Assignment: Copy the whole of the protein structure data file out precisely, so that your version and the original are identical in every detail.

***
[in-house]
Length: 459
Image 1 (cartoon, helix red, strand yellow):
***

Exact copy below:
[in-house]
Length: 459
Image 1 (cartoon, helix red, strand yellow):